University of Minnesota COVID-19 Hospitalization Tracking Project
Researchers use hospitalization data from all 50 U.S. states to help quantify the impact of COVID-19 on local hospital systems, forecast future needs, and track changes in disease severity.
Call to Action
In March 2020, as COVID-19 was spreading across the United States, one of the most significant threats to being able to care for the sickest patients was the capacity of the nation’s hospital systems. Public health officials in every state were scrambling for data to use in models that would help them predict and prepare for “the surge”—the steep and sudden increase in cases they knew was coming. While there were credible websites consolidating and reporting data on the daily number of cases and deaths in each state, there was not a credible site providing a daily state-by-state view on the number of hospitalizations.
This information gap drove researchers at the University of Minnesota’s Carlson School of Management to launch the COVID-19 Hospitalization Tracking Project. Since then, two of the school’s research centers—the Medical Industry Leadership Institute, a 2019 Innovations That Inspire
highlighted selection, and the Management Information Systems Research Center—have been collecting and tracking daily hospitalization data from each state’s Department of Health and making the data publicly available.
Tracking daily hospitalization data is critically important in quantifying the current impact on local hospital systems, modeling and forecasting future utilization needs, and tracking the rate of change in disease severity. These data points and trends can help public health officials and hospital leaders promote the adoption of best practices, such as optimum hospital capacity, and sharing of resources, such as ventilators. Presenting these data in an accessible manner for individuals, media outlets, and other organizations is key to keeping the public informed about the spread of the virus and its impact on hospitals.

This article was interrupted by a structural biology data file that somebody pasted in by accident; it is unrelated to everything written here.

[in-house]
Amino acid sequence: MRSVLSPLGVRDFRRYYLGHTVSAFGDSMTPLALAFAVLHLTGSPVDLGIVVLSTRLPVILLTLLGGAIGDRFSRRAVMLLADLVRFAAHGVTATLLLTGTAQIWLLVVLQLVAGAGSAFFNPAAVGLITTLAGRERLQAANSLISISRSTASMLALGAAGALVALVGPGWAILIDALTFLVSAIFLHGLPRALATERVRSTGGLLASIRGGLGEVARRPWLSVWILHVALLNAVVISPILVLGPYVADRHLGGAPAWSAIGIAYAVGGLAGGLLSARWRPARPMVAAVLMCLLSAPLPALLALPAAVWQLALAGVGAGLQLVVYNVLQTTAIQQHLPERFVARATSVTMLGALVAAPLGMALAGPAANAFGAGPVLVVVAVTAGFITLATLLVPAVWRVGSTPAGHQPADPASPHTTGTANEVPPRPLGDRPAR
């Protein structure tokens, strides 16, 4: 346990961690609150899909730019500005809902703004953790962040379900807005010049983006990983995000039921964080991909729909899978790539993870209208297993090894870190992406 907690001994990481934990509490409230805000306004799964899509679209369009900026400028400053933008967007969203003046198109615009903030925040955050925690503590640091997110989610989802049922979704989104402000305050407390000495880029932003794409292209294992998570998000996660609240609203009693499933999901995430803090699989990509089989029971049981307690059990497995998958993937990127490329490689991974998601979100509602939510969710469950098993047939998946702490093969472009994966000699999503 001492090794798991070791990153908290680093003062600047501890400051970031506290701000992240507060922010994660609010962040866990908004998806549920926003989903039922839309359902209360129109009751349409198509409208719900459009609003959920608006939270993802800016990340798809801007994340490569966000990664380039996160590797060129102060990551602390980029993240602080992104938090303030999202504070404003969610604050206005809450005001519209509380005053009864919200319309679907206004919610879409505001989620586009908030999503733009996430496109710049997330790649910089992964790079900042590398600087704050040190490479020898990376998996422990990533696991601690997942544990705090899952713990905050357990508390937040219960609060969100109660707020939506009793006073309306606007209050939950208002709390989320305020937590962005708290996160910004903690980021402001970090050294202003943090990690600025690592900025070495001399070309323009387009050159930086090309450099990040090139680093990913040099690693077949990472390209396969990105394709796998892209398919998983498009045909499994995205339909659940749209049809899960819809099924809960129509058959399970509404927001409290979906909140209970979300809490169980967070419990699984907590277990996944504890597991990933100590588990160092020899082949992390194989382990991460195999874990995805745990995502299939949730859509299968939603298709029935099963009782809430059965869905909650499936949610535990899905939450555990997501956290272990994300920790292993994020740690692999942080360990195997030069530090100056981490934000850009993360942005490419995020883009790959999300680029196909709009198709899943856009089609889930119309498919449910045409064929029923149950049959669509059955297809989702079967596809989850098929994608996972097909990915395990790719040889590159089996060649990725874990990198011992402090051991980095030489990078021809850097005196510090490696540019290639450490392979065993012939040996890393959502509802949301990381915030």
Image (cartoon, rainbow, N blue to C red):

This project was launched by sending an email to the communications director of each state’s health department team on March 26, 2020. This email described the project and its purpose and requested that the departments publicly report information on hospitalizations and intensive care unit (ICU) utilization.
Early on, only 23 states made hospitalization data publicly available; the Carlson team captured these daily data in the project database. Today, all 50 states and the District of Columbia make data available. Research associates access each state’s Department of Health website daily and enter the hospitalization data into an online database. Data collected include cumulative COVID-19 hospitalizations and ICU admissions, current COVID-19 patient hospitalizations and ICU admissions, ventilator use, and any other relevant data the state reports. Additional data may include a breakdown of hospitalizations by age, race, and ethnicity; capacity of state hospitals; or data by counties or regions within a state.
All data are adjusted for states’ populations using estimates from the 2018 American Community Survey published by the U.S. Census Bureau. Additionally, each state’s total hospital bed capacity is calculated based on data from the 2018 American Hospital Association Survey, provided by the Harvard Global Health Institute. Quality control procedures are in place to confirm the accuracy of the data, which get exported to a publicly accessible visual dashboard the team built to present the data in several configurations ranging from interactive charts to maps. The project website also provides historical data, analysis, trend reports, and more.
The impact of the COVID-19 Hospitalization Tracking Project has been far-reaching. Initial findings by the project team were published in the Journal of the American Medical Association (JAMA), JAMA Internal Medicine, Journal of General Internal Medicine, Health Affairs, and Health Management Policy & Innovation.
The project’s data and findings have been cited by dozens of media outlets, including CNN, NPR, U.S. News & World Report, Vox, The Wall Street Journal, and The New York Times. This media exposure has extended the data’s impact beyond the academic community and viewers of the online dashboard. Coverage of the JAMA Internal Medicine paper titled “Assessment of COVID-19 Hospitalizations by Race/Ethnicity in 12 States” resulted in much-needed public awareness of the considerable disparities of COVID-19 prevalence across racial and ethnic subgroups. Coverage of “Association of Stay-at-Home Orders With COVID-19 Hospitalizations in 4 States” in JAMA offered objective data on the impact that stay-at-home efforts had on the number of COVID-19 hospitalizations.
Project data continue to be analyzed and interpreted to offer objective insight to the nation’s management of this public health crisis. Leading into the autumn 2020 season, data showed a trend that hospitalizations were rising, which aligned with health experts’ concerns regarding an autumn surge of COVID-19 cases. The project team is collaborating with public health experts across the country and proactively sharing insights to help mitigate the impact of the next wave of the pandemic.